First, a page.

Lower income parents who have health insurance through their employers are increasingly likely to forgo family coverage and enroll their kids in Medicaid or the Children’s Health Insurance Program (CHIP) instead, a new study found. Working families’ growing reliance on these programs is something lawmakers should keep in mind when they consider whether to renew financing for the CHIP program in 2017, the study’s lead author said.
“These aren’t just safety net programs for uninsured families,” said Douglas Strane, a clinical research associate at PolicyLab at the Children’s Hospital of Philadelphia and the lead author of the study, which appeared in the December issue of Health Affairs. “If CHIP isn’t renewed, we could place substantial pressure on working families.”
Medicaid is the state-federal program that provides health coverage for low-income adults and children. CHIP provides health insurance for children in families whose incomes are modest but too high to qualify for Medicaid. In 2016, only three states — Arizona, Idaho and North Dakota — limited Medicaid/CHIP coverage to children whose families have incomes less than 200 percent of the federal poverty level ($40,320 for a family of three). In contrast, 19 states offered coverage to children with family incomes greater than 300 percent of the federal poverty level ($60,480 for a three-person family), according to the Kaiser Family Foundation. (KHN is an editorially independent program of the foundation.)
Medicaid/CHIP out-of-pocket costs vary by state, but coverage is generally significantly less expensive than employer coverage.
The Health Affairs study analyzed data from the Medical Expenditure Panel Survey between 2008 and 2013 for families with incomes between 100 and 400 percent of the federal poverty level in which at least one parent had employer-sponsored coverage. The study predated the opening of the health law’s marketplaces, but the researchers said that because these families had employer-based coverage options, they would likely not qualify for less expensive coverage on the exchanges.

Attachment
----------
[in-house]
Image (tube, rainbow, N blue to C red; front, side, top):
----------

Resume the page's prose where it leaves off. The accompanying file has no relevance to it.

Over the course of the study, nearly all the families in which a parent was offered coverage accepted it for the parent, and about three-quarters of children in the sample were covered by their parents’ employer-sponsored plan, on average.
But the proportion of kids who lacked employer-sponsored coverage even though at least one parent had it grew from 22.5 percent in 2008 to 25 percent in 2013, the study found. Likewise, the percentage of children who were on Medicaid or CHIP even though at least one parent had coverage through an employer increased 3.1 percentage points, to 15.2 percent, over the course of the study.
Premium increases for employer-sponsored coverage may put a family plan out of reach for low- and moderate-income families, said Strane. Between 2006 and 2016 premiums rose 58 percent for family coverage, according to the Kaiser Family Foundation’s 2016 annual survey of employer-sponsored coverage. This year, families pay $5,277 for coverage on average, 29 percent of the total cost of the plan. Workers’ share of the premium grew 78 percent over the past decade, outpacing the growth in premiums, according to the KFF study.
“They did the math and likely figured CHIP was going to save them money,” said Strane.
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